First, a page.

Information on war resistance within the military can be found at The Objector, The G.I. Rights Hotline [(877) 447-4487], Iraq Veterans Against the War and the War Resisters Support Campaign. Courage to Resist offers information on all public war resisters. Tom Joad maintains a list of known war resisters. In addition, VETWOW is an organization that assists those suffering from MST (Military Sexual Trauma).
Meanwhile IVAW is organizing a March 2008 DC event:
In 1971, over one hundred members of Vietnam Veterans Against the War gathered in Detroit to share their stories with America. Atrocities like the My Lai massacre had ignited popular opposition to the war, but political and military leaders insisted that such crimes were isolated exceptions. The members of VVAW knew differently.
Over three days in January, these soldiers testified on the systematic brutality they had seen visited upon the people of Vietnam. They called it the Winter Soldier investigation, after Thomas Paine's famous admonishing of the "summer soldier" who shirks his duty during difficult times. In a time of war and lies, the veterans who gathered in Detroit knew it was their duty to tell the truth.
Over thirty years later, we find ourselves faced with a new war. But the lies are the same. Once again, American troops are sinking into increasingly bloody occupations. Once again, war crimes in places like Haditha, Fallujah, and Abu Ghraib have turned the public against the war. Once again, politicians and generals are blaming "a few bad apples" instead of examining the military policies that have destroyed Iraq and Afghanistan.
Once again, our country needs Winter Soldiers.
In March of 2008, Iraq Veterans Against the War will gather in our nation's capital to break the silence and hold our leaders accountable for these wars. We hope you'll join us, because yours is a story that every American needs to hear.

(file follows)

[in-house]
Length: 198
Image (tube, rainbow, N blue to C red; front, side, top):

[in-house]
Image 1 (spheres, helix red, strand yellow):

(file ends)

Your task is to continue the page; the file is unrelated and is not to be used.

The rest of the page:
March 13th through 16th are the dates for the Winter Soldier Iraq & Afghanistan Investigation. Dee Knight (Workers World) notes, "IVAW wants as many people as possible to attend the event. It is planning to provide live broadcasting of the sessions for those who cannot hear the testimony firsthand. 'We have been inspired by the tremendous support the movement has shown us,' IVAW says. 'We believe the success of Winter Soldier will ultimately depend on the support of our allies and the hard work of our members'." As part of their fundraising efforts for the event, they are holding houseparties and a recent one in Boston featured both IVAW's Liam Madden and the incomprable Howard Zinn as speakers.
Among the things IVAW advocates for (ending the illegal war, reperations for Iraq) is the need for real health care to be provided to veterans. Dana Priest (Washington Post) continues the work she and Anne Hull having been doing for the Post today by looking at the extremely high rate of suicide among returning veterans and notes "121 soldiers took their own lives" in 2007 which was "nearly 20 percent more than in 2006. At the same time, the number of attempted suicides or self-inflicted injuries in the Army has jumped sixfold since the Iraq war began. Last year, about 2,100 soldiers injured themselves or attempted suicide, compared with about 350 in 2002, according to the U.S. Army Medical Command Suicide Prevention Action Plan." This as the United Kingdom's Ministry of Defence trumpets an internal study that asserts British "Forces mental health statistics for the second quarter of 2007, published today, 31 January 2008, have continued to show that the number of personnel assessed and diagnosed with a mental disorder remained low." If true -- remember it's a study they conducted, not an independent one -- that would be surprising considering the abysmal treatment conditions many British veterans have faced.
Three British soldiers were wounded in Iraq today. Reuters notes: "Two British soldiers suffered minor wounds when the British base at Basra airport was hit by multiple attacks using mortar bombs and other weapons, British military spokesman Captain Finn Aldrich said. Basra is 550 km (340 miles) south of Baghdad." AP reports, "Rockets slammed into the British base near the southern Iraqi city of Basra on Thursday, slightly wounding three British soldiers, a spokesman said." The Sun notes, "Captain Finn Aldrich, an Army spokesman, said multiple rockets were apparently launched Thursday morning from the city, which is about 12 miles east of the airport, although he said the attack was still being investigated." In addition to the three wounded, Al Jazeera reports that 10 Iraqis were killed "outside the base" and that when the British fired "artillery shells" they "hit a construction company, killing one employee and wounding five others." Alive in Baghdad (text and video) notes "that in the last three weeks violence has returned to Basra, and more Iraqis were killed during these last three weeks because of the battles between Iraqi security forces and the militias. Reuters reports, "One U.S. soldier was killed when his vehicle was hit by a roadside bomb during combat operations in Baghdad, the U.S. military said."